pioneer, artist, mother, doctor
Neri Oxman came to our attention from a Netflix episode of Abstract. We were immediately drawn to the way she reinterpreted materials, objects, and construction. It didn’t take us long to learn she’s more than a great thinker: she’s a pioneer.
She is the founder of a discipline she calls material ecology. A method by which she marries the technological advances of computational design, synthetic biology, and digital fabrication (3D printing) to produce compostable structures, glass objects that vary their optical and structural properties, and one of a kind garments.
From Vespers II mask 04 surface colors transformed into internal vasculature. photo: Yoram Reshef
Cartesian Wax: 20 tiles were assembled as a continuum comprised of multiple resin types.
a bit of context
We begin her educational journey at the Architectural Association in London where she earned her diploma. She also studied at the Faculty of Architecture and Town Planning at the Technion Israel Institute of Technology and completed training at the Department of Medical Sciences at the Hebrew University, Jerusalem. In 2010, she received her PhD in Design Computation at MIT.
Her 20-year-long career spans from being an architect, designer, inventor, doctor, and as of a couple years ago, mother. As an architect and research consultant at Kohn Pedersen Fox Associates in London, she was part of the team that changed the face of multiple industries. As an artist, her works live permanently at the MoMA, San Francisco Museum of Modern Art, and the list goes on.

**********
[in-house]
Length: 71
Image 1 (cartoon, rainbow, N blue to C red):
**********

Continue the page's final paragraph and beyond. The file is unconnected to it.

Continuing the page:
But what really stood out to us is her relentless pursuit of change in humankind. She believes in future solving: tackling humanitarian issues years before they become problematic. Ethereal? Yes. But it takes abstract thought to tackle problems that aren’t here yet. And it’s that kind of thinking that ultimately changes the course of history.
Neri Oxman is definitely a name to know and someone we’ll be watching closely for years to come. Her influence is about to make waves, and we, for one, can’t wait to get caught in the splash.She